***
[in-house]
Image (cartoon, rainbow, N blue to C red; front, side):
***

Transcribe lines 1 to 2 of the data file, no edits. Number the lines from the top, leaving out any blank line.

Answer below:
[in-house]
Image (cartoon, rainbow, N blue to C red; front, side):